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Avalanche forecaster says there is “zero confidence” in Utah’s snowpack right now

Big Cottonwood Avalanche March
Utah Avalanche Center
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Monday's large avalanche in Big Cottonwood Canyon traveled over 1,600 vertical feet.

The Utah Avalanche Center is warning of considerable and growing avalanche danger throughout northern Utah after several large avalanches were triggered in the region over the past few days.

After a large avalanche was triggered in Big Cottonwood Canyon on Monday, the Utah Avalanche Center is encouraging all backcountry travelers to avoid west, north, and east facing terrain – particularly if it is steeper than 30 degrees.

Monday’s avalanche occurred in the Mineral Fork area of Big Cottonwood Canyon after a group of experienced skiers dropped into the Barrieto slope to make what’s called a slope cut. As one skier was traversing, a large slide was triggered that was 2-4 feet deep and 600 feet wide. The avalanche ran 1,600 vertical feet to the bottom of the slope and had enough momentum to travel partway up the opposite side of the drainage.

Thankfully, none of the skiers were caught in the slide and all are ok.

Avalanche forecaster Trent Meisenheimer said avalanches are likely to occur throughout Utah this week.

“Many large and dangerous human-triggered avalanches have occurred over the past several days," he said. "Basically the state of Utah right now has this same issue where we have weak, faceted snow that’s now buried and avalanches are now failing 2-4 feet deep and well over 100 feet wide and can easily catch, carry, bury, and kill a human.”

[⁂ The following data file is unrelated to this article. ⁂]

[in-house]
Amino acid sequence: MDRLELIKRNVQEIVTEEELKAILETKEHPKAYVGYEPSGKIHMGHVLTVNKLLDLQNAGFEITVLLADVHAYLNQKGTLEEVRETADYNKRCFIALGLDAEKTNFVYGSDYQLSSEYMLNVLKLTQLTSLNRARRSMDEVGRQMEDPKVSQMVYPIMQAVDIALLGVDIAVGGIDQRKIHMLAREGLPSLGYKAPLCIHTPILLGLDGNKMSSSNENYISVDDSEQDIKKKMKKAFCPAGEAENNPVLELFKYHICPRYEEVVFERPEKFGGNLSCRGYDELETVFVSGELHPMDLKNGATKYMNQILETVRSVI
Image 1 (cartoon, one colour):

Utah’s current weak layer of snow is what’s left from December’s snowfall. That snow had been consistently exposed to the elements throughout the state’s unusually dry January and February and created what’s called a persistent weak layer after getting covered up by recent snowstorms.

A persistent weak layer of snow is formed when old snow begins to melt and refreeze to form large crystals that don’t attach to other snow layers. These layers are very unstable and can easily trigger avalanches if they are loaded with enough weight to make them collapse.

Meisenheimer said he will personally avoid being on or below any slope steeper than 30 degrees. He said shady slopes in the west, north, and east directions are particularly dangerous right now.

“Basically, I have zero confidence in our snowpack right now, and there’s really no secrets," Meisenheimer said. "It’s not like avalanche professionals are out there navigating through terrain. Basically, people with years of experience and avalanche professionals, we’re just avoiding this type of terrain all together.”

The most current avalanche conditions can be found here.